Livio, you are articulating a well-accepted position, but there are flaws in your foundation.
A printed page made for a reader with no relevant disabilities is a random-access medium. You can look anywhere you want and read anything you want in any order, or just put the book on the floor and admire a double-page spread.
Electronically, the issue becomes reading order (“logical” reading order in the terminology). Do the contents, when read start to finish, make sense? If you jump in at a certain point and read _from there_ to the finish, does it make sense?
In InDesign, proper threading order of text frames results in (e.g.) a tagged PDF with a logical reading order. It is true that the designer must make a decision as to when the reader is to experience a callout or a sidebar. My experience is this is only occasionally a real cause for debate.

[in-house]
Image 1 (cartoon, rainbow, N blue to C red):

The same applies to actual E-books. You need a logical reading order. ePub allows CSS placement of callouts and sidebars, which could instead (or in addition) be separate files.
Not every aspect of print graphic design can be duplicated in electronic document design, which relies fundamentally on structure, not inferences drawn from appearance.